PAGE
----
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Skeletal System
Essential Information and Problems

Student Performance Objectives - for the lecture
1.   Describe the following functions of the skeletal system in a few, brief sentences: support, protection, movement, hemopoiesis and mineral storage.
2.   Give an example of one specific bone, by its name, in each of the following categories: long, short, flat, irregular, and sesamoid.

3.   State the functions of collagen and apatite salts in the structure of bone matrix.
4.   Label the following parts of a typical long bone: articular cartilage, cancellous bone, compact bone, diaphysis, endosteum, epiphyses, epiphyseal cartilage, medullary cavity, periosteum, and marrow spaces.
5.   Label the following parts of a typical flat bone: cancellous bone, compact bone, marrow spaces, dipl e.
6.   Explain the function of each of the parts of the bones labeled in objectives 3 and 4.
7.    Explain the differences and similarities of endochondral and intramembranous ossification.
8.   List the functions of each of the following cell types found in human bones: chondroblasts, chondrocytes, osteoblasts, osteocytes, osteoclasts, fibroblasts, fibrocytes.
9.   Define: trabeculae and lamellae.
10. Explain how cancellous bone regions are transformed into compact bone.
11.  Describe the regions of bones typically transformed from cancellous to compact.
12. Given a diagram on an Haversian system of compact bone, label these parts: Haversian canal, lacunae, osteocytes, canaliculi, lamellae and bone matrix.
13. Explain the effects of normal, everyday physical stresses on bone structure and the effects of breaks.
14. Explain the role of the following nutrients in bone formation: calcium, phosphate, vitamin D and vitamin K.
15. Explain the interplay of the following hormones in bone formation: parathormone, calcitonin, growth hormone, thyroxine, sex hormones (estrogens and androgens).
16. Describe how long bones grow in length including discussion of the terms: primary ossification center and secondary ossification centers.
17. Explain how long bones and other shaped bones grow in width and overall size.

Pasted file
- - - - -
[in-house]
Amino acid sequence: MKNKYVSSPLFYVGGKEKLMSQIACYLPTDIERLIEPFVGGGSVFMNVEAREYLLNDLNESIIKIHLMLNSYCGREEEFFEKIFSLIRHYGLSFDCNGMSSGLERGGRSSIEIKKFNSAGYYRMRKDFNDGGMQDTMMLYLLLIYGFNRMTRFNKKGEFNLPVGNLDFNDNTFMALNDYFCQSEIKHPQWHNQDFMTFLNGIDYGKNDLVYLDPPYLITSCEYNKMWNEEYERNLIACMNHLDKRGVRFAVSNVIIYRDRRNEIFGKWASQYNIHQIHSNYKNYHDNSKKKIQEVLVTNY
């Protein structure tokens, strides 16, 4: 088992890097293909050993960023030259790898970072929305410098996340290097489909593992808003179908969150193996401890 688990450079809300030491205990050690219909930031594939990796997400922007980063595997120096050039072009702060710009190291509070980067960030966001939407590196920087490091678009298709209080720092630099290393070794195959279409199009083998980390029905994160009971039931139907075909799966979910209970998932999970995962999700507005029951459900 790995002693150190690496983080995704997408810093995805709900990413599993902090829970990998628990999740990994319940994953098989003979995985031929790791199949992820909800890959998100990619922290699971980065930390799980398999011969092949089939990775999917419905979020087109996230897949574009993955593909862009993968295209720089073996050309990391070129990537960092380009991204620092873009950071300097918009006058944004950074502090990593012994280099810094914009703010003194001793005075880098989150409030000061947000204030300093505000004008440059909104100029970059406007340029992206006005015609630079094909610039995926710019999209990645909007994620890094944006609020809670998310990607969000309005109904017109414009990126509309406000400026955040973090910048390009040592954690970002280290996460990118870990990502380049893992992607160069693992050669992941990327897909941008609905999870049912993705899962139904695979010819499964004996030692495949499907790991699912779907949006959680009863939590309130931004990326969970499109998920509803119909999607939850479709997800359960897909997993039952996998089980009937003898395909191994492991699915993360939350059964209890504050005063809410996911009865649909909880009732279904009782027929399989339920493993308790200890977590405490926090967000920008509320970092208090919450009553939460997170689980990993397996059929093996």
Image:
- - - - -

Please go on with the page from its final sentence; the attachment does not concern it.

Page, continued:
Student Required Bone and Bone Parts - for Laboratory Practical Examinations (bones and bone parts will be added or removed at your laboratory instructor's discretion).

Student Required Joints - for Laboratory Practical Examinations (joints will be added or removed at your laboratory instructor's discretion).

Lesson Outline
A. Functions of the Skeletal System
    1. Support - as an endoskeleton, the weight of all body parts is supported by bones. All parts of the body attach to bone directly or indirectly through tendons, ligaments or other fibrous connective tissue.
    2. Protection - the cranium, thoracic cage and pelvic girdle are three clear examples of bones surrounding and protecting soft body parts.

     3. Movement - the rigid bones can move to varying degrees depending on the type of joint articulating adjacent bones. The skeletal muscles pull on the bones causing movements at the joints.
    4. Hemopoiesis - red marrow is a tissue found in the spaces within cancellous bone substance. This tissue produces the body's red blood cells and some of the white blood cells.
    5. Mineral Storage - the bones are reservoirs for calcium, phosphates, magnesium, sodium and other minerals.

B. Bone Classification by Shape
    1. Long bones - These are the bones of the upper arms, the forearms, the thighs and the lower legs. They possess a long shaft (diaphysis) that has a hollow core and is composed of a dense type of bone called compact bone in their cylindrical walls. The ends of the long bones (epiphyses) form some of the most complex articulations: the shoulders, elbows, wrists, hips, knees and ankles.